Insulin resistance in hypertensives: Effect of salt sensitivity, renin status and sodium intake

Annaswamy Raji, Gordon H. Williams, Xavier Jeunemaitre, Paul N. Hopkins, Steve C. Hunt, Norman K. Hollenberg, Ellen W. Seely

Research output: Contribution to journalArticle

53 Citations (Scopus)

Abstract

Objective: Homeostasis Model Assessment (HOMA index) is predictive of insulin sensitivity in normal and diabetic patients. This study was designed to see if insulin resistance in hypertensives, measured using the HOMA index, differs, based on salt sensitivity, renin status and sodium intake. Methods: Fasting insulin and glucose were determined in subsets of 426 essential hypertensives, and normotensives. HOMA was calculated as fasting glucose (mmol) x fasting insulin (μU/ml)/22.5. Results: Four hundred and twenty-six essential hypertensives and normotensives from four HERMES centers form the basis of this report. There was no difference in the HOMA index between hypertensives and normotensives (P = 0.291) or between hypertensives grouped according to blood pressure salt sensitivity (P = 0.153). However, when essential hypertensives were subgrouped by renin status, the low-renin group had significantly lower (P < 0.01) HOMA index than the normal/high-renin group. When normal/high-renin group was divided into modulators and non-modulators, the non-modulators had significantly higher HOMA index (P < 0.001) than other hypertensive subsets. The effect of sodium intake on the HOMA index was significant only for non-modulators (P < 0.002), with salt restriction increasing insulin resistance. Conclusion: Insulin sensitivity differs among subsets of essential hypertension, non-modulators being most insulin resistant and the low-renin subset insulin sensitive. Salt restriction might have an adverse effect on insulin sensitivity in non-modulators. The reduction in cardiovascular risk seen in low-renin hypertensives may be related to their increased insulin sensitivity; in contrast, the clustering of cardiovascular risk factors seen in non-modulators may be due to increased insulin resistance.

Original languageEnglish
Pages (from-to)99-105
Number of pages7
JournalJournal of Hypertension
Volume19
Issue number1
DOIs
Publication statusPublished - 2001
Externally publishedYes

Fingerprint

Renin
Insulin Resistance
Salts
Sodium
Insulin
Fasting
Glucose
Cluster Analysis
Homeostasis
Blood Pressure

Keywords

  • Essential hypertension
  • Insulin resistance
  • Renin status
  • Salt sensitivity

ASJC Scopus subject areas

  • Internal Medicine
  • Endocrinology

Cite this

Raji, A., Williams, G. H., Jeunemaitre, X., Hopkins, P. N., Hunt, S. C., Hollenberg, N. K., & Seely, E. W. (2001). Insulin resistance in hypertensives: Effect of salt sensitivity, renin status and sodium intake. Journal of Hypertension, 19(1), 99-105. https://doi.org/10.1097/00004872-200101000-00013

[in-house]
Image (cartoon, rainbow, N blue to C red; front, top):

Insulin resistance in hypertensives : Effect of salt sensitivity, renin status and sodium intake. / Raji, Annaswamy; Williams, Gordon H.; Jeunemaitre, Xavier; Hopkins, Paul N.; Hunt, Steve C.; Hollenberg, Norman K.; Seely, Ellen W.

In: Journal of Hypertension, Vol. 19, No. 1, 2001, p. 99-105.

Research output: Contribution to journalArticle

Raji, A, Williams, GH, Jeunemaitre, X, Hopkins, PN, Hunt, SC, Hollenberg, NK & Seely, EW 2001, 'Insulin resistance in hypertensives: Effect of salt sensitivity, renin status and sodium intake', Journal of Hypertension, vol. 19, no. 1, pp. 99-105. https://doi.org/10.1097/00004872-200101000-00013
Raji, Annaswamy ; Williams, Gordon H. ; Jeunemaitre, Xavier ; Hopkins, Paul N. ; Hunt, Steve C. ; Hollenberg, Norman K. ; Seely, Ellen W. / Insulin resistance in hypertensives : Effect of salt sensitivity, renin status and sodium intake. In: Journal of Hypertension. 2001 ; Vol. 19, No. 1. pp. 99-105.
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AB - Objective: Homeostasis Model Assessment (HOMA index) is predictive of insulin sensitivity in normal and diabetic patients. This study was designed to see if insulin resistance in hypertensives, measured using the HOMA index, differs, based on salt sensitivity, renin status and sodium intake. Methods: Fasting insulin and glucose were determined in subsets of 426 essential hypertensives, and normotensives. HOMA was calculated as fasting glucose (mmol) x fasting insulin (μU/ml)/22.5. Results: Four hundred and twenty-six essential hypertensives and normotensives from four HERMES centers form the basis of this report. There was no difference in the HOMA index between hypertensives and normotensives (P = 0.291) or between hypertensives grouped according to blood pressure salt sensitivity (P = 0.153). However, when essential hypertensives were subgrouped by renin status, the low-renin group had significantly lower (P < 0.01) HOMA index than the normal/high-renin group. When normal/high-renin group was divided into modulators and non-modulators, the non-modulators had significantly higher HOMA index (P < 0.001) than other hypertensive subsets. The effect of sodium intake on the HOMA index was significant only for non-modulators (P < 0.002), with salt restriction increasing insulin resistance. Conclusion: Insulin sensitivity differs among subsets of essential hypertension, non-modulators being most insulin resistant and the low-renin subset insulin sensitive. Salt restriction might have an adverse effect on insulin sensitivity in non-modulators. The reduction in cardiovascular risk seen in low-renin hypertensives may be related to their increased insulin sensitivity; in contrast, the clustering of cardiovascular risk factors seen in non-modulators may be due to increased insulin resistance.

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